In either case, however, defamation involves:

  1. An untrue statement,
  2. That was damaging to the plaintiff's reputation,
  3. Made to someone other than the plaintiff (“published”), and
  4. With knowledge of the statement's falsity or failure to use reasonable care to ascertain its truth.

8.2 Public disclosure of private fact

Under California law, a "public disclosure of private fact" occurs when a person publicly discloses private and embarrassing facts about another that are not of a legitimate public concern.

There are five elements to support a claim for public disclosure of private facts. These are:

  1. There is a public disclosure;
  2. That concerns private facts;
  3. The disclosure is one that would offend the average person;
  4. The disclosure was not of legitimate public concern; and,
  5. The defendant published private facts with reckless disregard for their truth or falsity.18

8.3 False light

California's “false light” privacy law is similar to defamation.

It creates a right to sue when someone knowingly or recklessly creates publicity about another person in a way that unreasonably places the other person in a false light.

More specifically, there are three elements that must be proven in a successful lawsuit for false light. These are:

  1. The defendant made a public disclosure;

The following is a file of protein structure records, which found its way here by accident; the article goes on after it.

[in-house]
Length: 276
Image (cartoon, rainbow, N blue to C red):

2. The disclosure placed the plaintiff in a false light; and,
  3. An average person would consider the false light offensive.19

In some cases, the plaintiff might also have to prove that the defendant acted with malice.20

8.4 Criminal invasion of privacy

Penal Code 647(j) PC is California's criminal "invasion of privacy" law. PC 647(j) makes it a misdemeanor to violate someone's privacy in any of three specific ways:

  1. Using a device such as a telescope or binoculars to invade a person's privacy;
  2. Secretly photographing or recording a person's body under or through his or her clothing for the purpose of sexual arousal or gratification; or
  3. Secretly recording or photographing someone in a private room in order to view that person's body or undergarments

A person found guilty of violating PC 647(j) is charged with a misdemeanor. A misdemeanor is punishable by: